Raymond Tallis's criticism of my research either very stupid or a hoax, says Sam Harris
It is good to understand the current limits of neuroscience. It is also generally wise not to conclude too much from a single scientific study of any kind. The scepticism expressed in Raymond Tallis's recent article runs quite a bit deeper than this, however. Indeed, he seems to doubt whether our growing understanding of the human brain sheds any light at all on the human mind:
"What part of the brain, a material object, could one conceive of as housing the notion of something infinite, eternal, all-powerful, all-seeing, all-wise and yet systematically invisible? What kinds of nerve impulses are capable of transcending their finite, local, transient, condition in order to conceive something that is infinite, ubiquitous and eternal?"
This is either tremendously stupid, or Tallis has perpetrated a very clever, Sokal-style hoax on New Humanist. In fact, there are many other passages like this, and I recommend that readers of this magazine study Tallis's article closely with the view that he might be joking. Otherwise, just how does he think the mind and brain are related? Why not continue on in the same fashion, "Just what part of the brain, an object that contains no wood at all, could one conceive of as housing the notion of wood-working or, indeed, of its diverse products, including tables and chairs and woodwind instruments of extraordinary number and variety?"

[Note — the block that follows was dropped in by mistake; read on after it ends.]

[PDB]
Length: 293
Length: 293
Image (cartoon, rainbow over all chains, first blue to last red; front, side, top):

Hoax or not, Tallis has misrepresented the conclusions that my co-authors and I drew from our study on the neural correlates of religious and nonreligious belief. For instance, we do not think our results confirm that the brain has a "God spot," or that religion has been selected for by evolution. On the contrary, our data lends some support to the idea that belief is belief is belief. After all, we found that the difference between belief and disbelief, in both religious and non-religious subjects, was essentially the same, regardless of what was thought about. Bizarrely, Tallis considers this finding of belief's content-independence to be a terrible defect: "since they are unable to show a profound difference between religious beliefs and non-religious beliefs, they tell us nothing about the former." Unless, of course, no "profound difference" exists.